Sound Collaboration on Site Machines

I had the pleasure of collaborating with Tivon Rice on the sonic component of his latest work Site Machines at Suyama Space in Seattle.  The work is a continuation of his many investigations of architecture, light, movement, image, and the human traces that carve a narrative through them.  I have followed his work closely for years, enjoying the generative images and patterns born of the motility of camera systems fusing with the environments in which they are situated.  There is a recurring moment in his work in which viewers find themselves entangled in a churning substrate of video frames before being subsumed by the the work’s relentless momentum outward in every direction.  Despite the work being anchored in plain view, there’s a sense that the scene onscreen must be from somewhere else.

There is a sense that the room you are in is just as you see it, until it’s compressed into the the flatness of a pixel field or alternately scattered into an expanding world of impossible simultaneous vantages. This expansion and compression of leaves you unsure of the truth of the scene on the screen and yet there you are in the middle of it, or just outside the frame looking on.

From the Main Gallery.  Photo: Tivon Rice

From the Main Gallery. Photo: Tivon Rice

The main space of of the gallery had no sonic intervention aside from the whirring of the motors performing the camera’s choreography and the click of arching neon light arrays. Only once you enter a central stairwell enveloping a large LCD monitor, do you see and hear the images from from the cameras (in whose gaze you’ve just lingered in the gallery).  Imagine a sort of miniature amphitheater, on the stage of which are the panning images of detailed paths through the “landscape” beyond.  Visitors cross the frame in front of you and then cross the horizon just beyond the screen–reinforcing the presentness of the surveilling system.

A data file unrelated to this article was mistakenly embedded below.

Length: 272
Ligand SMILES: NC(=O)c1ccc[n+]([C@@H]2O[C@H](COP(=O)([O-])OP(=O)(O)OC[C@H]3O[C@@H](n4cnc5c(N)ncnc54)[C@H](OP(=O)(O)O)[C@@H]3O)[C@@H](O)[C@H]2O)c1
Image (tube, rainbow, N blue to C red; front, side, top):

However, new views appear scanning through the wooden rafters overhead, across skylights framing a bird’s flight above the walls of the gallery.  You wonder if that really just happened, or if it was a premeditated moment. You find views of the space that you were either unable to see or unwilling to notice as you passed through the gallery earlier.  The cyclical path of each roving camera is anything but repetitive: each successive pass captures a new interruption by an unsuspecting character or simply a play of light revealing an previously unseen architectural detail.

The central stairwell.  Photo: Tivon Rice

The central stairwell. Photo: Tivon Rice

One of the goals in Site Machines was to amplify this sense of displacement.  Through a live network of cameras and microphones, and a set of pre-recorded sounds gathered in and around the space, I assembled a sort of auditory “memory loop”.  This loop would cut between live feeds and, following the arc composed for the cameras, slip back and forward through the not-too-distant past.

Photo: Jen Graves

Photo: Jen Graves

 

In the “amphitheater”, listening to the image cut between the hum of one camera-carrying motor to the whirr of another communicates an abrupt shift between vantages. Each camera takes on a “voice” of its own and a unique ear in on the room’s echoes and conversations. Once the cameras slowed to a halt, however, the sound continues to move.  Murmuring voices without any faces on screen, footsteps with no feet passing over the floorboards, even a voice recalling your own, though you haven’t spoken for minutes. The system has not only been watching, but also listening…echoing the screen’s vacillations between a surface holding frozen light and a frame peering through the illusory surface of contiguous space and successive time threading through the gallery.

Site Machine seeing itself.  Photo: Tivon Rice

Site Machine seeing itself. Photo: Tivon Rice

 

A close-up view of the video in the stairwell "amphitheater".  A recurring moment in which the installation is suspended in a moment of shimmering self-oscillation, forming a cathedral-like image of itself.

A close-up view of the video in the stairwell “amphitheater”. A recurring moment in which the installation is suspended in a moment of shimmering self-oscillation, forming a cathedral-like image of itself.